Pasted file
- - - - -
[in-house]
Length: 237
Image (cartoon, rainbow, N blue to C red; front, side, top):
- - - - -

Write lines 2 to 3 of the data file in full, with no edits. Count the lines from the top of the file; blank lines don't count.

Length: 237
Image (cartoon, rainbow, N blue to C red; front, side, top):